Glossary Of Consumer Finance Terms

A guide to many of the terms used in the consumer finance market.

A

Acceptance Rate – The percentage of customers that are successful when applying for a loan or credit card. 66% or more applicants must be offered the advertised rate know as the Typical APR (See 'Typical APR' below).

Annual Percentage Rate (APR) – The rate of interest payable annually on the loan or credit card balance. This allows potential customers to compare lenders. Under the Consumer Credit Act Lenders are legally required to disclose their APR.

Arrears – Missed payments on a loan, credit card, mortgage or most kinds of debt are termed Arrears. The borrower has a legally binding obligation to settle any arrears as soon as possible.

Arrangement Fee – Generally for the administration costs of setting up a mortgage.

B

Base Rate – The interest rate set by the Bank of England. This is the rate charged to banks for lending from the Bank of England. The base rate and how it may change in the future has a direct influence on the interest rate a bank may charge the consumer on a loan or mortgage.

Business Loans – A loan specifically for a business and generally based on the businesses past and likely future performance.

C

Car Loan – A loan specifically for the purchase of a car.

Consumer Credit Association (CCA) – Repeats most businesses in the consumer credit industry. Government, local authorities, financial bodies, finance focused media and consumer groups are all members. Members sign a constitution and must follow a code of practice and business conduct.

County Court Judgment (CCJ) – A CCJ can be issued by a County Court to an individual that has failed to settle outstanding debts. A CCJ will adversely affect the credit record of an individual and can possibly result in them being refused credit. A CCJ will stay on a credit record for 6 years. It is possible to avoid this major negative stain on your credit record by settling the CCJ in full within one month of receiving it, in this case no details of the CCJ will be stored on your credit record.

Credit Crunch – A situation where Lenders cut back on their lending simultaneously usually down to a shared fear that borrowers will not be able to repay their debts.

Credit File – Information stored by credit reference agencies, such as Experian, Equifax and CallCredit, on an individuals credit and borrowing arrangements. The Credit File is checked when Lenders consider a credit application.

Credit Reference Agencies – Companies that keep records of individuals credit and borrowing arrangements, amounts owed, with who and payments made, including any defaults, CCJ's, arrears etc.

Credit Search – The general search undertaken by the Lender with the credit reference agencies.

D

Debt C0nsolidation – The transfer of multiple debts to a single debt via a loan or credit card.

Default – When a regular debt repayment is missed. A default will be recorded on an …

Where to Get a Business Loan Online: Tips for Finding the Right Lender and Getting Flexible Terms

There are now many options for small and medium sized businesses for getting funding they need. If you're wondering where to get a business loan, your options are no longer limited to just banks and the SBA. Just check with some of the many alternative online lenders and funding solutions. The downside is that there are always scams and that you must always be very careful that you don't fall prey to cyber criminals.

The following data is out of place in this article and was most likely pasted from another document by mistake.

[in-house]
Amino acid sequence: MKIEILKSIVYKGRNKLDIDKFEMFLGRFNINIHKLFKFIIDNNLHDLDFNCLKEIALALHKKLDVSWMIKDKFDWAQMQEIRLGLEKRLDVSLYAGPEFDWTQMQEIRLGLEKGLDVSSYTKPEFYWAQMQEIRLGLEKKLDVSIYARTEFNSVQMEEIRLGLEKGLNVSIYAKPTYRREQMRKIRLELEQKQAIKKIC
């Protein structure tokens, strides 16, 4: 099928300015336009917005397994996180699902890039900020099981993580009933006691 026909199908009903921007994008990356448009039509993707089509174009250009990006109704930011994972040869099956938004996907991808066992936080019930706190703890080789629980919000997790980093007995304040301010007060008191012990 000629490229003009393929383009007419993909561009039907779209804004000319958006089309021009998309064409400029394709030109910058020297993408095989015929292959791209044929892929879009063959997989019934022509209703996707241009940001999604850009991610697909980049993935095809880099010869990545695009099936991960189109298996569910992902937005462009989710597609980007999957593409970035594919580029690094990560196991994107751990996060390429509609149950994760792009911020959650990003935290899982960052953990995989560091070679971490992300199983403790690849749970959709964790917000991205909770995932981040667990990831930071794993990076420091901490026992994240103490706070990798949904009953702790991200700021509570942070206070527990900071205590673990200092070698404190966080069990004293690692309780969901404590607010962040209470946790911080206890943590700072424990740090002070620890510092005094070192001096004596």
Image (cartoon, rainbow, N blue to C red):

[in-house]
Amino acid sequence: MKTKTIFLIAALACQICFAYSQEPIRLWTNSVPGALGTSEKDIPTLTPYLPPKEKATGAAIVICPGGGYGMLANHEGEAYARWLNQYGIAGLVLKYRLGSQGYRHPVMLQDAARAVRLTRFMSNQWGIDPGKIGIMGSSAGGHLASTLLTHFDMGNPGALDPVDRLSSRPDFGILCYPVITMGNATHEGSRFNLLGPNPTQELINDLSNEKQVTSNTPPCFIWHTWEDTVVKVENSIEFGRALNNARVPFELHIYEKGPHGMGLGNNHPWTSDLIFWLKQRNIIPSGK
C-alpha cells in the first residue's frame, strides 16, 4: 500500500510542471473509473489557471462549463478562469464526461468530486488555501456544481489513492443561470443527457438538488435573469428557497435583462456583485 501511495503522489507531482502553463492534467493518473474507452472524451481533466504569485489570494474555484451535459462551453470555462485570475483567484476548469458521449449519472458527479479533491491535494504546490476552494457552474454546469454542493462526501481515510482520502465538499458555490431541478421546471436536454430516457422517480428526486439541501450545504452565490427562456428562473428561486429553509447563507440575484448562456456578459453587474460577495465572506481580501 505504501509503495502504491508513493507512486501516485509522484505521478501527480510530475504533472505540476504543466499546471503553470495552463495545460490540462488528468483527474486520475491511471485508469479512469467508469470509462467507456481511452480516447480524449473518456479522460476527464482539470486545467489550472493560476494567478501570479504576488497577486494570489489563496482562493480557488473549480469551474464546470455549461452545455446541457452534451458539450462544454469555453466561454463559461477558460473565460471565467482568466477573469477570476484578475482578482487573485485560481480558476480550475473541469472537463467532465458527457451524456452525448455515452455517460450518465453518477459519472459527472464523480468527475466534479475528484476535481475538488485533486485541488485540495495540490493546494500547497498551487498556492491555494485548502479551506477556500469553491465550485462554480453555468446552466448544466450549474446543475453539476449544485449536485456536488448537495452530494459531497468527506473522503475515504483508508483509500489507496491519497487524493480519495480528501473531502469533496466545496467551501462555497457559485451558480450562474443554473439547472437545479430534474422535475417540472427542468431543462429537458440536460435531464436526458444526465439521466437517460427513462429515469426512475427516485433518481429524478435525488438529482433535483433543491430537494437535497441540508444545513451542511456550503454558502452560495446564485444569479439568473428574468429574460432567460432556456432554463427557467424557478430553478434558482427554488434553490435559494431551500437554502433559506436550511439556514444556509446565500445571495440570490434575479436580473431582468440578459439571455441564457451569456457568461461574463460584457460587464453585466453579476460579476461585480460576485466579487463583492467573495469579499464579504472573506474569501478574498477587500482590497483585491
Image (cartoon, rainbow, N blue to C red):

Here are a few things to look for when evaluating the reliability of an online business loan:

• Check with the accreditation first. Make sure that any potential lender is accredited in the US. Read reviews as well from various sites and sources to find out what others are saying. If there any any complaints, try to find out if those complaints have been addressed and resolved. If there are too many negative reviews, it's best to stay away.

• Make sure that a lender you are considering offers the type of funding you need. An important part of knowing where to get a business loan is to have a financial plan in place. What do you need the funding for? Working capital? Equipment financing? Vendor financing? Have as detailed of a business plan as possible before applying.

• Check with the application process to find out how easy it will be to actually apply. Your chosen lender should not have a long, drawn-out, difficult application process. You shouldn't be required to turn over document after document after document. It should be clear from the start what documentation you will be expected to hand over.

What Else to Consider When Searching Where to Get a Business Loan Online

• Another thing the ideal lender should do is guarantee a speedy approval process and that you'll get the funding as quickly as possible. Some online lenders provide fast funding that takes no more than 24 hours. In contrast, some traditional banks can still take several weeks to give out the funding.

• Try to get flexible loan terms, if possible. There are a variety of flexible loan products offered by different lenders, whether you end up getting an unsecured loan, merchant cash advance, lines of credit, etc. Even if your credit scores aren't the greatest, you'll still want fair rates and reasonable repayment terms.

• While there are always crowd funding options, you'll really need to come up with a good marketing campaign that includes viral material if you want people to be interested enough in your message that they'll want to donate. This process can take a long time.

So, if you're still wondering " where to get a business loan ", just head to US Business Funding and look over all of their funding services and loan products. The application process is fast and easy.

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